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By Dan Bongino/Associated PressAuburn University is one of a handful of public universities to use video cameras to monitor the classroom.

But students in the video streaming industry say they’re finding that the equipment has a big impact on how they do their jobs.

“I have had to go to a whole new level of understanding the value of video as a tool for education and learning,” said Ben Jaffe, a junior at the University of Kentucky who works for the video company Instance and a member of the Instance alumni club.

“I think the most important thing is that we learn from each other and share our knowledge and we have the best product.”

Aubry-Bathurst, Ala.-based Instance uses video cameras that are embedded in a student’s hands, but they’re also used to record the classrooms of their students.

Instance is part of the video sharing site Netflix, which is also one of the most popular providers of content in the United States.

In 2014, Instance had 2.5 million subscribers.

The company recently announced plans to build its own, wireless campus in New Jersey.

“Instance is very much an innovator and innovator in the educational space,” said David Rittenberg, an Instance employee who helped launch the company’s technology and marketing program at the end of last year.

“Instance’s vision is to provide the best education in the world for everyone.”

While Instance’s cameras capture a wide range of students’ classroom activities, it’s not as good at tracking what’s happening outside the classroom, like when students leave their desks for lunch.

Students use Instance cameras to record video and audio to make notes and share with their professors.

But even though Instance has cameras in the classroom to capture their classrooms, students are increasingly turning to the company to record videos from their smartphones.

A survey by the Education Technology Association found that nearly one in four students and teachers in the U.S. use a smartphone to capture classroom videos in the past year.

Instance, which was founded in 2014, has more than 1.4 million members and nearly a million YouTube subscribers, according to the data.

It is a provider of educational and learning content through its Instance app and the Instage app for mobile devices, which allows users to stream videos to their mobile devices.

It’s also a video streaming service, which offers the ability to stream video on devices like Apple TV and Roku.

The Instance platform is free to users of Instance apps, which are available for free on the company website and through its mobile app.

But users can also purchase Instance-branded devices like Instance Elite smartphones for $99 a year, according a company spokesperson.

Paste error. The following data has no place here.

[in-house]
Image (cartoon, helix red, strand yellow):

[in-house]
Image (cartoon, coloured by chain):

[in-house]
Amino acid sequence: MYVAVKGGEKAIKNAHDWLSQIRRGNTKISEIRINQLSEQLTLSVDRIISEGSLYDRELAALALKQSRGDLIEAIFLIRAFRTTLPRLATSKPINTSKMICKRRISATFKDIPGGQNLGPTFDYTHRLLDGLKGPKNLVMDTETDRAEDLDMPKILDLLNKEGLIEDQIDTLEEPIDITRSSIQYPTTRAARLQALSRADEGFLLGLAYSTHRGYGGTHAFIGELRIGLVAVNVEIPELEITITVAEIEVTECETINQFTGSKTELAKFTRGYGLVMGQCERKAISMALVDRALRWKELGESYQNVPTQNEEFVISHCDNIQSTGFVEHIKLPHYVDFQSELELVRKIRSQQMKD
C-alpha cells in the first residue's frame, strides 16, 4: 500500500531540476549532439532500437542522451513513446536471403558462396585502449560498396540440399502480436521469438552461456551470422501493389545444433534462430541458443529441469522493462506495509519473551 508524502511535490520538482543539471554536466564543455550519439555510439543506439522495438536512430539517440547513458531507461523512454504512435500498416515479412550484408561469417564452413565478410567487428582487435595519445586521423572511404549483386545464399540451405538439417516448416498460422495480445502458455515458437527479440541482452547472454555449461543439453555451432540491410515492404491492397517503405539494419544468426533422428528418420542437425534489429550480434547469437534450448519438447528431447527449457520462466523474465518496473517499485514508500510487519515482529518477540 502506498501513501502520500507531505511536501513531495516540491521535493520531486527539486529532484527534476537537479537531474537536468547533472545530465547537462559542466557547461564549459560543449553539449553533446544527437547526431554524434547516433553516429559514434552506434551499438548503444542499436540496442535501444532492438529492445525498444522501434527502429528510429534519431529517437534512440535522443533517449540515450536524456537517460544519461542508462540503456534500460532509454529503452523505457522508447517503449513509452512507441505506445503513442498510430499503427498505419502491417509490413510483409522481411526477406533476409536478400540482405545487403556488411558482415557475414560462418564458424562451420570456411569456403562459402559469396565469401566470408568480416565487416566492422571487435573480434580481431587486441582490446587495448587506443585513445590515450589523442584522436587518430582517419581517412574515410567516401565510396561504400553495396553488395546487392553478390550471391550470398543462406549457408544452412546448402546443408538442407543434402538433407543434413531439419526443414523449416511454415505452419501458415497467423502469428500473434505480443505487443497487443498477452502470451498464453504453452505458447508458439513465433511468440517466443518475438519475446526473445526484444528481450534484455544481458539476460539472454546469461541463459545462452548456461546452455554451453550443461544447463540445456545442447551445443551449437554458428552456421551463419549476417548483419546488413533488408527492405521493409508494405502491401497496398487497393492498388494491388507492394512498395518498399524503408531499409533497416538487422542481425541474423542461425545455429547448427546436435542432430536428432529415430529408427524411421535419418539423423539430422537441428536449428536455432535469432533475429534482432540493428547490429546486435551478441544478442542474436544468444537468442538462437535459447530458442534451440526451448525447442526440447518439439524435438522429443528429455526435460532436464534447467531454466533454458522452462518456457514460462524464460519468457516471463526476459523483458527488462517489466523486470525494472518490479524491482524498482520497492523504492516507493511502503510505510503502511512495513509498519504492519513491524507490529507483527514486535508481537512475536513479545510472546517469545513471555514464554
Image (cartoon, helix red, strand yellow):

The average price for a new Instance smartphone is $200, and the device is also available for $150 in a retail store.

Instances app also includes a suite of apps that let students upload videos and photos, create notes and take quizzes.

Students can also upload their own videos and videos that are captured by Instance devices, like Instances own Snapchat account.

“Our product is not just about capturing content.

It also lets you be the creative leader in your classroom,” Jaffe said.

“When you share content with your teachers, the results are much more positive than when you’re just posting videos and clips.

Instances has the power to make all the difference.”

While many people in the entertainment industry see video as one of their primary sources of learning, some educators are concerned that it could also be used to track students.

“We don’t see video that is in the public eye as being any more relevant to the classroom than video of other forms of content,” said Dr. Richard S. Satterfield, president of the American College of Pediatricians.

“We also don’t understand how that information could be used by a school administrator or a teacher.”

Satterfield said he was aware of instances of teachers using video from Instance to track down and target students with behavioral problems.

Satterfields research found that video captured by teachers can actually help students with academic problems, but that video recorded by students is rarely used as a substitute for classroom instruction.

“If the school has a problem that the video can help identify, the teacher might try to use the video in their instruction to help with the problem,” Satterfields said.

Sapers research also found that students were much more likely to use their video as motivation to learn in a classroom if they had an Instanced device.

“Teachers are the most valuable asset we have,” said Satterstein.

“Teachers provide a platform for students to get information and a way to connect to others in their school community.”

In an interview with the AP last year, Satterfeld said he had found that when a student has an Instances device

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